Though modern agriculture has revved up planting and harvesting, here comes winter. Put on the brakes.
Agriculture today, especially row crops, still must follow the rhythms of the seasons. Corn and soybeans just won’t grow with snow on the ground.
But at other times of the year, the pace of agriculture is frantic, especially at planting and harvest. It is kind of a status thing for farmers to have their fields planted and harvested early, truly a mad rush at the beginning and end of the growing season. For farmers who work 3,000 acres, 5,000 acres or more – with costly big equipment, farmland, and seed and fertilizer – weather is, as it always has been, the threat or the boon. Timing is everything.
Meanwhile, seeds and plants are on fast forward, too. They have been genetically engineered to sprout quickly, even under adverse conditions; they’ve been selected to grow faster, improve yield, and even dry out faster to speed up the harvest. The performances of seeds, fertilizers, pesticides, and herbicides are facts of life, governing farmers’ decision-making in the face of competition and costly risks. Like it or not, farming is business, big business for rural Illinois, even if it’s carried out, for the most part, on a family scale. For farmers who grow the crops, time is money, needed for the survival of their families.
Our system of agriculture is problematic. As we enter the fallow time, I find myself wondering if there are different, better ways that will work for farmers and their communities. The basic problem, of course, is that the very act of cutting into the soil for planting transforms the environment. When you factor in the use of everything that speeds up agriculture – from fuel for tractors and harvesters through all of the highly sophisticated chemicals and seeds – production tends to increase, but the practices produce a host of widespread impacts. With modern growing and harvesting, consequences are double edged.
More than five years after returning to my native Midwest, after almost 25 years of living in and around the central Appalachians, I still wonder at the changes in rural landscapes, the loss of farms, people, and communities. The transitions have not come easily. People, their places, and the land have been hurt. The damage is real, although it can be subtle.
Despite the changes, there remains something mysterious and marvelous about it all, something that transcends the workings of agribusiness operators who may or may not care about the land and water or the lives of people in nearby towns. Humans work this landscape hard, for better or for worse. But something much larger is going on here. Through it all, the sun rises and sets; the weather warms and cools; rains and snows come and go. Seasons still change the pace of life as humans, aided by fossil fuels, labor to control the environment.
Only 200 years ago, Illinois was mostly prairie and patches of woodlands. Even today, with that landscape largely gone, the transition from autumn to winter starts gradually in mid-August. Crops mature in the fields and trees begin to turn as the sun moves lower on the horizon. Shadows grow noticeably longer as the days grow shorter in September. The light plays with the landscape as crops are shorn off the fields by huge combines that raise clouds of dust. When the snow begins to fall, usually in early December, the change is particularly abrupt, unless you’ve been watching and waiting for it. This is truly the fallow time.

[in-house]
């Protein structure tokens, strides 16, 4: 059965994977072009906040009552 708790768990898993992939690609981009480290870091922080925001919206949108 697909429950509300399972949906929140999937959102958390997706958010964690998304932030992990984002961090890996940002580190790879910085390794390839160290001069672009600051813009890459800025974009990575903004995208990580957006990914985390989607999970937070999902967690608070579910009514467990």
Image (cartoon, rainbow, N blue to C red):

I’ll learn to love the fallow way
When all my colors fade to white
And flying birds fold back their wings
Upon my anxious wanderings….
— from “Fallow Way,” Judy Collins
The coming of winter in rural areas heralds the fallow time, and it nurtures the fallow way, a surrendering to the powers of nature and an appreciation of its beauties: sunrises, sunsets, stunning clouds, and brilliant stars on crystal clear nights. At these times, the silence on the land can be awesome, even in a small city or village.
Perhaps city folk don’t notice the fallow time as much. But in the countryside, nature slows things down, making travel across the landscape unpredictable, possibly hazardous. Winds on the one-time prairies can be brutal. Heavy snowfalls, piling into drifts, close roads. Cancelled events can be inconvenient, frustrating. The weather has taken control.
Meanwhile, at home, it’s time to be more resourceful. We rediscover books, board games, old movies, and hobbies that went neglected through the warmer and longer days of summer. We may have more time to get together with friends over dinner.
I’m coming to the conclusion that the fallow way may be one thing that clearly distinguishes rural from urban life. We certainly may find ourselves more vulnerable to the vicissitudes of nature and we don’t have the range of cultural and social activities that are available year ‘round in cities to while away the winter.
During the fallow time, good weather and a long-anticipated event don’t always coincide. We have to seek out concerts, plays, museums, and art galleries with deliberation and, when weather permits, launch out for them on the spur of the moment. The nearby university is definitely a cultural center, though it can’t offer the diversity of the larger cities an hour or more away.
The fallow way offers a chance for an important and needed change of pace. It challenges us to appreciate the unpredictability of nature and to find something deep within ourselves to endure and even enjoy the quiet landscape in our sometimes anxious wanderings.
I look forward to it.
Timothy Collins is assistant director of the Illinois Institute for Rural Affairs at Western Illinois University in Macomb. Opinions expressed here are his and his alone.